Just recently Hamas released a new policy statement that some in the West hailed as replacing its genocidal charter that (in article 7) looks forward to the day when the last Jew can be exterminated. This is delusional: Hamas has made clear that the new document does not supersede the charter or alter it in any way.
Importantly, the new document that Hamas’s apologists in the West hail for its “moderation” makes clear that a state based on the West Bank and Gaza would be no more than a transitional step to the ultimate goal of Israel’s complete destruction. As the document spells out: “Hamas rejects any alternative to the full and complete liberation of Palestine, from the river to the sea.”
This chimes with numerous statements by senior Hamas officials through the years, such as this one from Mahmoud al-Zahar, who has served as foreign minister in Hamas’s Gaza regime: “We don’t want to establish an Islamic emirate in Gaza; we want an Islamic state in all Palestine.”
Zahar went on to say that if Hamas could move part of its assets to the West Bank, “we will be able to go for a successful battle that we will win it at the end.”
What does he envisage happening “at the end”? In 2010 he boasted about the anticipated annihilation of the Jewish people in these terms: “We extended our hands to feed these hungry dogs and wild beasts, and they devoured our fingers. We have learned the lesson — there is no place for you among us, and you have no future among the nations of the world. You are headed to annihilation.”
Let us suppose hypothetically that the international efforts to secure a Palestinian state under present circumstances were successful and that Israel was forced to concede a state based on the West Bank, the Gaza Strip and East Jerusalem and withdraw all of its security forces. What might eventuate?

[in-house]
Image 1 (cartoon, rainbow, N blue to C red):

I think we can confidently predict that the results will not be pretty.
Consider the Gaza precedent. In 2005 the government of Ariel Sharon carried out a complete withdrawal of the Israeli civil and military presence in Gaza. The 9000 Jewish settlers were forced to leave, in some cases having to be dragged out.
There was a great deal of optimism at the time, the decision receiving high praise internationally. There was even talk of Gaza becoming a “Singapore on the Mediterranean”. A Jewish businessman financed the purchase of a complex of high-technology greenhouses that supported a thriving horticultural industry and donated it to the Palestinians.
We all know what happened. There was a vicious power struggle in which Hamas emerged triumphant over the Palestinian Authority and began the militarisation of the strip, building a huge subterranean infrastructure of tunnels, command posts, weapons and storage dumps below the densely populated areas of the strip.
Key military assets were deliberately placed near hospitals, schools and mosques to maximise the adverse publicity for Israel when the inevitable battles began. Since then, there have been repeated rounds of vicious conflict. Israel has been terrorised with rocket attacks and Gaza civilians suffered even worse as Israel retaliated. Parts of Gaza where the military assets were placed have been repeatedly reduced to smoking ruins, the economy crippled, the civilian population immiserated.
Now consider: who is likely to prevail in a fight for control of a Palestinian state based on the West Bank as well as Gaza between the rancid, corrupt and unpopular Fatah and the jihadist fanatics of Hamas? All recent precedent suggests the latter will be the “strong horse”.
Having thus secured control, Hamas would be in an incomparably stronger position to pursue its ultimate goal of completely destroying Israel.
It would have far more territory, much greater proximity to the main Israeli population centres, and much longer borders that would be impossible to secure to prevent infiltration of arms.
The result would be “Gaza writ large”, an unimaginable catastrophe for both Israelis and Palestinians.
Peter Baldwin was a minister in the Hawke and Keating governments.